I know, I know. As we just discussed, change can be hard at large companies. The best approach might be a communal one: get all your content folks together, involve them in the discussion, and reach a decision that everyone is on board with. Consensus is king (that’s the saying, right?).

3. Lack of Clarity Around Goals and Success

It’s tough to be successful if you don’t know what success looks like. As teams grow larger and more distributed, it becomes harder to align around unified objectives and outcomes.

When they surveyed B2B content marketers last year, CMI and MarketingProfs found only 25% of enterprise respondents agreeing that their “organization is clear on what an effective or successful content marketing program looks like,” compared to 41% in the overall sample.

What To Do?

In ye olden days, carriage operators would place a stick with a dangling carrot in front of their horses to keep them moving. The idea was simple: when your objective (or reward, in this case) is constantly right in front of your eyes, you’ll never forget what you’re working toward.

The same concept should be applied with enterprise content teams. Develop clear goals at the highest level, and then keep them front-and-center for all elements of your operation. Check in regularly to rally everyone around them. Benchmarks and achievable, incremental objectives are really helpful for keeping things on track. We highly recommend attaching strategic goals to tasks in your editorial calendar so that the purpose of every piece is understood by all who touch it.

And if you’re having difficulty figuring out exactly what to measure, or how, download our Future-Proof Guide to Content Marketing Measurement, which is loaded with insights from experts on the subject.

Enterprise Content Marketing, Simplified

In our experience, relieving the foremost roadblocks and bottlenecks in enterprise content production is all about simplifying and breaking down sprawling complexities.

So when seeking to tackle these three prevalent pain points, here are the advisable steps:

  • Difficulty enacting change and updating processes: Focus on benefits and added efficiencies of new approaches and solutions. Maintain transparency about these initiatives throughout the ranks. Divide big organizational changes into granular steps that feel more manageable.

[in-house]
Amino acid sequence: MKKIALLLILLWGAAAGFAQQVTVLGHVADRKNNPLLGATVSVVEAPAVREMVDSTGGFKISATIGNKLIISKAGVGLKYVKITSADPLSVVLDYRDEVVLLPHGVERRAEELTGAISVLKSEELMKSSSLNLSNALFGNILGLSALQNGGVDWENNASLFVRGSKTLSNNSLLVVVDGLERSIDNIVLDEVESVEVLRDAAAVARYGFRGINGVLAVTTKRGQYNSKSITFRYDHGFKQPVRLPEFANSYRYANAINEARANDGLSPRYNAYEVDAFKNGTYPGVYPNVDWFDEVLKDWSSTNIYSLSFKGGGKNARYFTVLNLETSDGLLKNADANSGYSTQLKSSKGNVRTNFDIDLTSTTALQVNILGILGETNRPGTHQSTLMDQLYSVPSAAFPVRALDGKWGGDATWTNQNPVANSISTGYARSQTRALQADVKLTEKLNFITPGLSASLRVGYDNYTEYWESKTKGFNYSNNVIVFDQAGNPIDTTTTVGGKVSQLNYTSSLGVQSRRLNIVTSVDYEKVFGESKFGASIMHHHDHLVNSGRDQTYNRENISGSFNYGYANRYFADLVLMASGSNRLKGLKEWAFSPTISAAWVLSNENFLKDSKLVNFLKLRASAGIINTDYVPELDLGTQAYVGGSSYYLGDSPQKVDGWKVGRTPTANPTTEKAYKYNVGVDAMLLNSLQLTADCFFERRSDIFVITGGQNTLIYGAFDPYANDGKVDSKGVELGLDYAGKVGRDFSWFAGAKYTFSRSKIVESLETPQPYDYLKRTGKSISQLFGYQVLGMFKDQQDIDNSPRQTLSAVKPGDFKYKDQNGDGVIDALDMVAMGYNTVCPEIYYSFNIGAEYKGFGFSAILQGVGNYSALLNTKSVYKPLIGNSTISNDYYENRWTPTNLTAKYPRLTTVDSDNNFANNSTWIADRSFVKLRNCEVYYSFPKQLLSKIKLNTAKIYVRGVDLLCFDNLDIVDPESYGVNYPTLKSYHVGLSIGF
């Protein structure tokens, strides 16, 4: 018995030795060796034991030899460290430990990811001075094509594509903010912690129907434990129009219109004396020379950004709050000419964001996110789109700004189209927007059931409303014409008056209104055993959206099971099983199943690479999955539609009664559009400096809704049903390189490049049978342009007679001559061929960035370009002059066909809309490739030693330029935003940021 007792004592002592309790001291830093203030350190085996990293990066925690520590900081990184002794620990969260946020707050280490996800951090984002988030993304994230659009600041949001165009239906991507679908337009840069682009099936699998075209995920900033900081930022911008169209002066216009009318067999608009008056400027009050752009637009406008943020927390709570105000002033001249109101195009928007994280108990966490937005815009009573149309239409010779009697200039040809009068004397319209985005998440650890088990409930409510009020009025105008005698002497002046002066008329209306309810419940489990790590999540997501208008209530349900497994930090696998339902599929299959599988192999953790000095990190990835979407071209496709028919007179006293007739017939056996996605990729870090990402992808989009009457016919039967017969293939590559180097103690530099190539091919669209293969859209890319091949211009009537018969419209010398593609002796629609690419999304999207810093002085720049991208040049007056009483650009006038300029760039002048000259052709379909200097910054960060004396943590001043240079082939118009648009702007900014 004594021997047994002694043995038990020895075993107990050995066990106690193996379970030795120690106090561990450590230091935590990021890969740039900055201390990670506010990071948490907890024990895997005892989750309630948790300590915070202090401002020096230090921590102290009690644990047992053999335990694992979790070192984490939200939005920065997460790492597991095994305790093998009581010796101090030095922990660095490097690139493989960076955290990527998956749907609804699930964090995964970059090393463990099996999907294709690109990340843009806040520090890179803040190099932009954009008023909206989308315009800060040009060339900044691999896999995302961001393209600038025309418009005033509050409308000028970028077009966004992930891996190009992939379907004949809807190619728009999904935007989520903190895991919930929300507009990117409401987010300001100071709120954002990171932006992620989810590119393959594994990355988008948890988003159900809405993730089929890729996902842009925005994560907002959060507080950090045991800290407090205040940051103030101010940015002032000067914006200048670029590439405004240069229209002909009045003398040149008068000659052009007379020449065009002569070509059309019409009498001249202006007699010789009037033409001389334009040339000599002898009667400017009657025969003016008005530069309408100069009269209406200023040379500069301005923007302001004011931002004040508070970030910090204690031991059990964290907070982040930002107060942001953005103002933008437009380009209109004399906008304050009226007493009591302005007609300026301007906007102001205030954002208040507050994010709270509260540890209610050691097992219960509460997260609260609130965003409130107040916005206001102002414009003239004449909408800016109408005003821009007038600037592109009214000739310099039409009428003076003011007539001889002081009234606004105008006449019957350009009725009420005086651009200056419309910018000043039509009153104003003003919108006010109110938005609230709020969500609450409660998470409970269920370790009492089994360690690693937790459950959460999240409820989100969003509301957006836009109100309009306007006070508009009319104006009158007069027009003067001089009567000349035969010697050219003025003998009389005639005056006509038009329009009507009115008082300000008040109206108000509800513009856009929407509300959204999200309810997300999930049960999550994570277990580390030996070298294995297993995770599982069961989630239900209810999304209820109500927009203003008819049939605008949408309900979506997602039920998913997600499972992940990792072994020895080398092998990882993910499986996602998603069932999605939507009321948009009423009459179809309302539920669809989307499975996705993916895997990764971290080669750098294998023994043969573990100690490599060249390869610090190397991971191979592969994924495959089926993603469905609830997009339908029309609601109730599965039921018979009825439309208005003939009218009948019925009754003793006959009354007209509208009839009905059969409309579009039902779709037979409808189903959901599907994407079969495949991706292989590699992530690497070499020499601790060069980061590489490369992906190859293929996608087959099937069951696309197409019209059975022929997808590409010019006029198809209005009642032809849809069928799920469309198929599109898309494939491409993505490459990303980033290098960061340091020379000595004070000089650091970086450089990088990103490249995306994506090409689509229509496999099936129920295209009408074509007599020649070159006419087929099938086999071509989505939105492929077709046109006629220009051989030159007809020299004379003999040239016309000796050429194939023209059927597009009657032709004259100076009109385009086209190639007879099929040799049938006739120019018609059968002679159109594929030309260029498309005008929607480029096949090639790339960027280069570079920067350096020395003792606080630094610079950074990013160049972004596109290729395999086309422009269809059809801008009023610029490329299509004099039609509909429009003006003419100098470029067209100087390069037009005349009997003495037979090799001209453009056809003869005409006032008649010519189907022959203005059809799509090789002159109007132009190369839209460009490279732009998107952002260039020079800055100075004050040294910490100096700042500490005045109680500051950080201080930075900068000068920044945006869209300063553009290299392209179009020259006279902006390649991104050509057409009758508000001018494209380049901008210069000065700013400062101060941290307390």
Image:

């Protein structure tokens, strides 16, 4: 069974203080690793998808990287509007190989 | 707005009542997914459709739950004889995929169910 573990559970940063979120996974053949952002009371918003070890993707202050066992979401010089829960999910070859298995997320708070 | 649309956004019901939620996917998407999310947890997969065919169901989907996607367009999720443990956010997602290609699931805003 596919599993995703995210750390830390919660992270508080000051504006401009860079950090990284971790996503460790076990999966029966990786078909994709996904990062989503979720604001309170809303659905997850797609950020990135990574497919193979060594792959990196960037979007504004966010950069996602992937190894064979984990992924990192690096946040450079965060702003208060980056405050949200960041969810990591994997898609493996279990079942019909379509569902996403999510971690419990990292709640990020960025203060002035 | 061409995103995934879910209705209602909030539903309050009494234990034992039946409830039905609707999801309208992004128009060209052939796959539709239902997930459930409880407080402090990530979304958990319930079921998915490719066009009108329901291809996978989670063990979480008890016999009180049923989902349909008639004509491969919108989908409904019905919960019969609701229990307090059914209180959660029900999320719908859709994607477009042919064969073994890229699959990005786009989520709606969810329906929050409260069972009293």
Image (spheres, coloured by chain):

• Trouble coordinating with so many people involved in content production: Keep all of your content planning and management housed in the same central repository, accessible to all. Specify roles and assignments. Communicate consistently.
  • Measurement challenges and goal clarity: Document your strategy. Set attainable goals from the start of every campaign or project, and track against them routinely. Tether every content piece to a larger objective so everyone understands how it fits into the big picture, and what success will ultimately look like.

General Electric, the other company referenced alongside Red Bull earlier as a model of enterprise content marketing success, was the subject of a memorable article at Harvard Business Review back in 2010, which outlined three dimensions of GE’s proven framework:

  1. Principles (creating a common language and standards)
  2. People (getting the right leaders in place)
  3. Process (including very specific measures for grading performance)

Nail these down and your team will be on its way to merrier times.

One last thing…

At DivvyHQ, we have an Enterprise Plan that is tailored to the specific needs of large, decentralized content production teams that require scalability and structure. Try it out free for two weeks to see how it suits your organization.